Tung Chung

Tai O provides a wonderful contrast to other parts of Hong Kong with most of its houses being built above the water, largely from aluminium sheeting. It was not too long ago that visitors to Tai O had to cross the river into the main village on a small boat powered by old ladies who pulled on ropes to move it. They have been replaced by a bridge, which is just as well as Tai O attracts a lot more visitors these days.

Tai O

From Tai O I set out on the main event of the day, which was to walk back up the coast to Tung Chung. It is not a particularly difficult walk as the hills are not excessive but it was 34 degrees that day and when walking on exposed sections across rocks that had already been baked in the sun I would think the temperatures were more like 38. However, unlike walks in previous weeks, the humidity was mercifully low so that it was possible to sit still and not sweat. The narrow path out of Tai O offers great views along the coast and across to Tuen Mun.

Tai O - Sham Wat path

But the coast is now dominated by the new bridge to Zhuhai which is under construction.

Bridge to Zhuhai

This section of the path keeps to the coast but does not keep to the contours so that every time you go round a headland you have to climb a bit. It seemed like a bad decision on the part of the path makers but I think the need to go over rather than round is dicated by the electricity poles that prefer to take the shortest rather than easiest route. After an hour I reached Sham Wat, a sleepy little village with a few restaurants catering for those hiking along the path. It is also a point of no return for those heading towards Tung Chung as it provides the last place with road access that would allow the weary to escape. I must admit to being weary and struggling a bit in the heat and was considering calling for a taxi. Not surprisingly there were no Ubers in the vicinity and I sat down at one of the open air restaurants looking out across the bay. Relaxing with a hot coffee and a bowl of daofu fa, which is a sort of blancmange made from tofu and served with ginger sugar, I felt revived and ready to proceed towards Tung Chung.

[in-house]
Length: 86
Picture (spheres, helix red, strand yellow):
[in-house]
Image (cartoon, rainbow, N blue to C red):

Sham Wat

The next place of note was Sha Lo Wan. The last time I was there it was a quiet village cut off from the modern world with no road access and views across the Pearl River Estuary. How things have changed. The village seems to have fewer residents and it still has no road access but the runway for new airport ends opposite the village. While I was there the constant noise of planes taking off wrecked any possibility of peace and tranqulity despite its tranquil setting which was not improved by the construction work being carried out on the Zhuhai bridge. The only consolation the villagers have is that they now have ferry access to the facilities of Tung Chung but other than that is hard to see that they have gained any benefits from the new airport.

The next village, San Tau, had numerous banners up expressing opposition to the building of a third runway which is likely to inflict more noise pollution both during its construction and on completion. Unfortunately for the villagers, it is unlikely that their few voices are likely to bother those with power and big ideas. Not far from San Tau, the merry sight of tower blocks announced that I was closing in on Tung Chung.

Tung Chung

The gondolas heading up to the giant Buddha on Lantau Peak passed overhead and I headed for Tung Chung fort. Despite all the development the fort has survived and provides a quiet spot to sit and consider Hong Kong's history well before the Brits arrived and planted their flag.